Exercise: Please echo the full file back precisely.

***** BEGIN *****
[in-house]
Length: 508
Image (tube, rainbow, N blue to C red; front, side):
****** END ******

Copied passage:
[in-house]
Length: 508
Image (tube, rainbow, N blue to C red; front, side):